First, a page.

HPV is the most common STI in the U.S. Why aren't men regularly screened for it?

A blue-gloved hand holds a disk showing a male symbol, with a pink HPV syringe, ringed with a female symbol to the left and a microscope to the right.
A new study shows nearly 1 in 3 men has at least one type of HPV. Why aren't men screened for the virus as often as women? (Photo illustration: Yahoo News; photo: Getty Images)

Human papillomavirus (HPV) infections are the most common sexually transmitted infection in the U.S., with the virus typically spreading through vaginal, anal or oral sex as well as close skin-to-skin contact during sex, according to the Centers for Disease Control and Prevention. About 80% of women will have HPV at some point in their lives.

But they’re not the only ones who get infected. A new study published in the Lancet Global Health found that nearly 1 in 3 men has at least one type of HPV, and 1 in 5 is carrying at least one high-risk type, which can cause several types of cancer in women, including cervical cancer.

Yet, only women are routinely screened for HPV. Why is that the case? Experts explain.

First, what you need to know about HPV

In most cases, HPV has no noticeable symptoms and clears up on its own within two years, thanks to the body’s immune system. So it can be tempting to think that HPV is not a big deal. However, there are more than 200 types of HPV, according to the National Cancer Institute (NCI).

Dr. G. Thomas Ruiz, ob-gyn at MemorialCare Orange Coast Medical Center in Fountain Valley, Calif., tells Yahoo Life that some types of HPV are quite dangerous, while others are not.

Most low-risk types of HPV don’t cause disease, but some can cause warts on or around the genitals, anus, mouth or throat, per the NCI. High-risk types of HPV that persist can cause cancer, including cervical cancer, cancer that develops in the back of the throat, and cancer of the anus, penis, vagina and vulva. (The HPV vaccine Gardasil 9 protects against several cancer-causing strains of HPV, as well as the ones that cause genital warts.)

“The body can ‘cure’ the HPV,” Fosnight says. “However, with it taking up to two years to clear the virus, this can be too long, and those high-risk types are more susceptible to turning into cancer.”

According to the CDC, about 11,500 new cases of cervical cancer are diagnosed every year in the U.S., and about 4,000 women die of this cancer annually.

However, thanks to HPV vaccines and cervical cancer screenings, it’s one of the most preventable cancers, the CDC reports.

So why isn't there routine screening for HPV in men?

In a nutshell, it’s hard to get reliable test results in men. Aleece Fosnight, a medical adviser at Aeroflow Urology and a physician assistant specializing in sexual medicine and urology, tells Yahoo Life that “research has shown that results in testing for HPV have been inconsistent in men. Getting a sample from the penile skin can be difficult.”

In addition, the area where the virus would “set up shop” is much less permeable in men than in women. Fosnight explains the cervix is the perfect place for the virus to infiltrate, but the glans of the penis thickens and becomes callused in those who have been circumcised, making it less permeable.

Fosnight also notes that “there are several medical research studies that look at removal of the foreskin decreasing the risk against HPV and HIV transmission, along with decreasing risk of urinary tract infections, penile infections and penile cancers.”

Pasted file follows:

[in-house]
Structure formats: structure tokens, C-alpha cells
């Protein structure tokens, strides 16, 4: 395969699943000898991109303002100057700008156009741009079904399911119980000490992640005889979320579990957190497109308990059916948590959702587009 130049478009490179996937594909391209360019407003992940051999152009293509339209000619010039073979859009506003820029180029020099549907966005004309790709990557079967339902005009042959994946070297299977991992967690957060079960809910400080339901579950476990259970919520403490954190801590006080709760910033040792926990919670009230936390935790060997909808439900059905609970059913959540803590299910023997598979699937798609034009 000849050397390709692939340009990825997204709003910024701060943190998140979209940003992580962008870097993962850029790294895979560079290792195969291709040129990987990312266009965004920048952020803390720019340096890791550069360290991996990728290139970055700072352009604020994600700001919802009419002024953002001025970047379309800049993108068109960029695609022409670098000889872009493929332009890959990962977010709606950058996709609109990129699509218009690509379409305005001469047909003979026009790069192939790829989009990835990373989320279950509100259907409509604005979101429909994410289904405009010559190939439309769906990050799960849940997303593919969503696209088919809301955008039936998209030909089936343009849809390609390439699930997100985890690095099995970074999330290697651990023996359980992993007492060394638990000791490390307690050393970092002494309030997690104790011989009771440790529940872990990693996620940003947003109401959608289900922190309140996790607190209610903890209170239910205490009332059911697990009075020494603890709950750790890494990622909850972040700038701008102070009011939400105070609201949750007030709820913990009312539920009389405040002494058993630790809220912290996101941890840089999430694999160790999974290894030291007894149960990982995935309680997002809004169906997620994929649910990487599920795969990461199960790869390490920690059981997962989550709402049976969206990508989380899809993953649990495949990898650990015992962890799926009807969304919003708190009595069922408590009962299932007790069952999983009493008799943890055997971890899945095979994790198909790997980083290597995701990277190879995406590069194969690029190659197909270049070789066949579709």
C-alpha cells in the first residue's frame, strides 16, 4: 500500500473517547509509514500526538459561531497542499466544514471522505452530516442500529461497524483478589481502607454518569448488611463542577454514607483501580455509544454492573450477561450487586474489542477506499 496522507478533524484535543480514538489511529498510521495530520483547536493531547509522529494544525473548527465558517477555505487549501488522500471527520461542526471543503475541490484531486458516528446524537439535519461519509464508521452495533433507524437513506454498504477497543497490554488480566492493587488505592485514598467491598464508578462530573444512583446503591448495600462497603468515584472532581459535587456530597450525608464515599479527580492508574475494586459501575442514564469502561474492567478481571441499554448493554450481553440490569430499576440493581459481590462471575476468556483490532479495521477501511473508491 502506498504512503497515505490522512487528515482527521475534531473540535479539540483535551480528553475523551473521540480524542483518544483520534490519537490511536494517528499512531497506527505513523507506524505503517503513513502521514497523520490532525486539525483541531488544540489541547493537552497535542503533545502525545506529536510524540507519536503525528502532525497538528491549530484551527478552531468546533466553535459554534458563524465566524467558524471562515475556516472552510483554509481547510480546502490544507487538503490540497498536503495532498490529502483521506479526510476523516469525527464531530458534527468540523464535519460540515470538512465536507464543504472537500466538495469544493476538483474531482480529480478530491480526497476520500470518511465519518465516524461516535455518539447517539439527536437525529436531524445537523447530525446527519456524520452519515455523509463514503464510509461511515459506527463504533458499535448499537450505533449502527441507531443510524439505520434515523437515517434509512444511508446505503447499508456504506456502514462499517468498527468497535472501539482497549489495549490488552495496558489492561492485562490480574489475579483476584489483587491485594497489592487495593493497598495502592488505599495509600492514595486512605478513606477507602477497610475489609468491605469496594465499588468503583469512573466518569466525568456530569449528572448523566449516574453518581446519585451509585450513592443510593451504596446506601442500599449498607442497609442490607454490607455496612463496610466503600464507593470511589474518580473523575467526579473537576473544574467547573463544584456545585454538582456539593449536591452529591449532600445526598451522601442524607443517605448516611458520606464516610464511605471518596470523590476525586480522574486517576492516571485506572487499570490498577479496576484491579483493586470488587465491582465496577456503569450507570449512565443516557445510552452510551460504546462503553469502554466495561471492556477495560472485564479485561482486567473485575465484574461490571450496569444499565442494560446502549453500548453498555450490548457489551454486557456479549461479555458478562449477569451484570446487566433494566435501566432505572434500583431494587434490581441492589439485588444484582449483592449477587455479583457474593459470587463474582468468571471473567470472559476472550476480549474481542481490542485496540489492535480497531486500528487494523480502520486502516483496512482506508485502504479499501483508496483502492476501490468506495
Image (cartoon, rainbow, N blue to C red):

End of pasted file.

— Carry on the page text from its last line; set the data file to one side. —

According to the American Sexual Health Association (ASHA), men are typically screened visually by a doctor to check for lesions, which include genital warts. Fosnight explains that “symptoms, such as a lesion on the genitals, can be removed and tested for the presence of HPV. However, there is no official ‘Pap’ [test] of the penis that has been FDA-approved.”

The ASHA concurs, stating: “There is no specific way to test directly for HPV in men that is approved for clinical use. Researchers are looking at ways to better screen men, but the current lack of testing options for males can be very frustrating.”

The burden of testing is on women

Both Ruiz and Fosnight say the onus of getting screened for HPV regularly is on women and that they typically carry the emotional and physical toll of an HPV infection.

“The ramifications to men are nowhere near the ramifications to women,” Ruiz says.

According to the CDC, cancers from HPV aren’t common in men. However, HPV infections may play a role in male infertility. Dr. Alex Robles, a reproductive endocrinologist and fertility specialist at Columbia University Fertility Center, tells Yahoo Life that some evidence suggests that HPV infections in men “may alter semen quality.”

He explains that, “in laboratory testing, HPV may cause DNA damage in sperm, which can lead to sperm degradation. Other studies looking at overall associations have also consistently seen a relationship with HPV infection and lower sperm quality. The most common findings are decreased sperm motility and concentration. It is important to note that other factors may also be involved, and HPV is just a risk factor.”

So what can men do to help prevent the spread of HPV? Ruiz says it’s important for boys and men — not just girls and women — to get the HPV vaccine if they’re eligible, since it protects against 90% of HPV-related cancers. He also recommends wearing a condom. Although it doesn’t completely eliminate the risk of HPV, since the virus can be passed from skin-to-skin contact, he says this “diminishes” the probability.